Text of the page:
Focus on ad:tech: Is E-Mail Deliverability Overrated?
Consumers respond to about one in 10 e-mails they receive each day. They also are deciding which e-mail stays in their inbox and what gets filtered or unsubscribed. Organizations that succeed in establishing and maintaining customer relationships using e-mail will have a competitive advantage.
The good news is that few of your competitors have changed their e-mail marketing practices in the past five years. They still send non-personalized, bulk e-mail. Studies vary, but it appears that only two out of 10 do even basic personalization such as salutation. Less than one out of 10 has implemented sophisticated programs leveraging CRM data and dynamic content.
So, while every marketer desires to send relevant and timely e-mail, most lack solutions that make doing this practical. E-mail marketing practices and platforms need to evolve from campaign-centric to customer-centric. Here are a few easy things to take that next step.
Clearly identify yourself by knowing your customer better. With phishing attacks on the rise, consumers can't assume the e-mail they get from you is in fact you, despite what the "from" and "subject" lines say.
Database marketers, please rise to the occasion and make e-mail content personalized so your readers know it is from you - and get increased revenue and profit as a reward. Remember, spammers won't send personalized content, as their business model doesn't support the cost of implementing database marketing methods.
Beware of cheap e-mail products. It is easy to use an e-mail blaster product, the market is full of them and you can't beat the price. Unfortunately, many of them lack basic opt-out ability and provide marketers with minimal visibility to delivery rates, frequency control and other advanced features that enable organizations to implement responsible e-mail practices.
Also, given the rise in e-mail marketing spending this year, marketers will get hit with a slew of "whiz bang" products offered by companies trying to make a quick buck. Choose a vendor committed to the long-term success of the e-mail channel.
Make multichannel programs a process, not an event. We will have succeeded when e-mail becomes a part of an integrated multichannel dialogue we have with customers. Use offline communications to make consumers aware of your online practices and the benefits of signing up. Don't speak to your customers just using e-mail. Get to know them better than that and watch your conversions increase and opt-outs drop.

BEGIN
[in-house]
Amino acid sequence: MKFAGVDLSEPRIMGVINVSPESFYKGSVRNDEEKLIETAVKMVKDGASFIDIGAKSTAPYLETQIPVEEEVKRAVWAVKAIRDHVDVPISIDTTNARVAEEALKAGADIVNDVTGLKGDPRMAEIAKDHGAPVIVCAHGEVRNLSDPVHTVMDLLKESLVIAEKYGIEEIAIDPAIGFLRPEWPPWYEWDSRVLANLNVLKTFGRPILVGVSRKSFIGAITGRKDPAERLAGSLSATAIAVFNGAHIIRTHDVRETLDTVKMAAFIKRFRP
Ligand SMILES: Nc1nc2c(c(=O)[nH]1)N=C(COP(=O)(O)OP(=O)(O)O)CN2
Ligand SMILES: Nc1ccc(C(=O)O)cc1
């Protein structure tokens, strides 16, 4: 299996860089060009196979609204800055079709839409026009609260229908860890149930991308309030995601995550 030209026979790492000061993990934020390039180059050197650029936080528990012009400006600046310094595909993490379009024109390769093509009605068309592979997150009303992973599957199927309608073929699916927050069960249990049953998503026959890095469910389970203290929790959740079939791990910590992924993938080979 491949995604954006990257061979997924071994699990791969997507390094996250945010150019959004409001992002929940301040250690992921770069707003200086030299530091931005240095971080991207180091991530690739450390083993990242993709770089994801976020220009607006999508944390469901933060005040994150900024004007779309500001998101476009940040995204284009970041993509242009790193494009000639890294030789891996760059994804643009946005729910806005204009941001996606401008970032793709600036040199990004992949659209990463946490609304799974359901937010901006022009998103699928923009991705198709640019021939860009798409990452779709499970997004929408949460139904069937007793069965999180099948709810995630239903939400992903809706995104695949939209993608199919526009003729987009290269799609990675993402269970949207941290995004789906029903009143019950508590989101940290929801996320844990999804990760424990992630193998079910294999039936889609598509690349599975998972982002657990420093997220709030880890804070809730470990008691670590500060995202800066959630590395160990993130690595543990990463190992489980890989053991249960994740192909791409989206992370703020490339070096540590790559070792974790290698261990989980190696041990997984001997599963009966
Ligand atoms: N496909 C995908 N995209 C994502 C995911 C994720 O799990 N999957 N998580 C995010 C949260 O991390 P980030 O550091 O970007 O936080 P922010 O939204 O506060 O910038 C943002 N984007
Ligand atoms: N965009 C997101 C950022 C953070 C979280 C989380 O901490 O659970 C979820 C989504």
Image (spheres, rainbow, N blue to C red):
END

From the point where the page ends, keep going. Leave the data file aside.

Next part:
Support e-mail authentication initiatives and ensure your e-mail complies. Spam is a problem because it is too easy to send e-mail. While new techniques like DomainKeys and SPF won't stop the more sophisticated spammers, they do help. They also raise the cost of spamming, the other key driver of spam. Look for new e-mail authentication solutions to come that also raise the cost of sending e-mail.
Implement a customer preferences page. Ensure every e-mail has a link to a preferences page. And get creative with the page itself: Ask customers for feedback, do surveys, display survey results, pitch new services and include offline preferences.
Make newsletters interactive. But keep them interesting and get your customers to view them as a way they can communicate with you. Note that interactive e-mail newsletters are a great way to stay in touch and make yourself accessible to your customers.
Be responsible and be proud of it. Educate customers about e-mail privacy, spam and security issues and what you are doing about it. Tell them about the new practices and technologies you have implemented to make them safe, show them how to change their preferences or opt-out of lists. Don't underestimate their ability to help or hinder your e-mail efforts.
Consumers ultimately control frequency. It is important that you know exactly how many e-mails your enterprise is sending to a customer. Ensure no individual receives too many e-mails as a result of different departments using the same lists or having the same individual on multiple lists. Consumers expect you to be more sophisticated than that, so if you don't control frequency, they will.